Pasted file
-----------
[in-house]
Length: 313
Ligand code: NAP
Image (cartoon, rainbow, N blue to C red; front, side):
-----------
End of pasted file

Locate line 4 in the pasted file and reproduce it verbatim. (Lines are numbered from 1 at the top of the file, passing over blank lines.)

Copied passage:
Image (cartoon, rainbow, N blue to C red; front, side):